Kurani, a design firm that partners with schools and adult education centers in the US and beyond to create learning spaces where knowledge can thrive, is attempting to rethink the classroom.
The firm is working with schools to re-imagine obsolete learning spaces through a co-creation process in which teachers, students and citizens are involved in the conceptualization stage to update learning environments to make them more effective.
Kurani takes facilities that can no longer keep up with the practices and learning demands of 21st century students and turns them into functional, intuitive learning spaces. They explain that schools that are half a century old just aren’t equipped for modern educational needs.
“Because of the baby boomers, lots of schools were built in the 1950s and 1960s,” Kurani says. “Those are coming to the end of their shelf life. And since the 1960s, education has changed so much, both in the way we approach it and the way we participate in it. Learning has changed but facilities haven’t. That’s where we come in.”
The Kurani team, led by Danish Kurani, combines architects, urbanists, anthropologists and researchers to design 21st century classroom prototypes and urban campuses in the US, Australia and Brazil. Among these projects are the Nelson Mandela School for Social Justice, New York City’s EPIC High Schools and a collaboration with the State of Rio, Brazil, in an ambitious project in which Rio plans to build 900 schools by 2030. Kurani also carried out research, mapping, and field studies to identify potential sites for 6 schools in Complexo do Alemao.
The EPIC High Schools’ campus design was assigned to Kurani and the planning process lasted six months. It included workshops, walking tours and interactions with students, teachers and the community. This enabled the Kurani team to better understand the vision, needs and expectations of these schools. Kurani describes the co-creation planning process as:
“[T]aking the school and nearby residents through a period of research, observation, and self-discovery . . . allows us to base design on meaningful insights about the project’s users and their daily lives.”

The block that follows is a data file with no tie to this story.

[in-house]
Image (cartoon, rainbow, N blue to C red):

Among the learning spaces created is the ‘sunken pit,’ which is filled with foam cubes and has a flexible arrangement potential. It can be turned to a round table or even an amphitheater.
Kurani also designed what are called “breakout spaces”, which are rooms for one-to-one instruction and group work. Another learning space is the “Learning Partner Incubator” which, according to NPR, is a workspace that independent organizations and individuals can use to engage EPIC students in real world projects.
The design philosophy of Kurani rests on a community-centric concept. As Kurani states on his website:
“Our goal is simple: give people a place where they are comfortable, happy, and have the tools to succeed.”
EPIC schools aim to help African-American and Latino students become college and career ready. The EPIC High Schools design that Kurani implemented expands on the idea that if education subjects are not distinct entities, then classrooms shouldn’t be, either.
The campus prototype designed by Kurani consists of eight learning spaces across NYC with prototype designs for 17 classrooms and several common spaces and other amenities.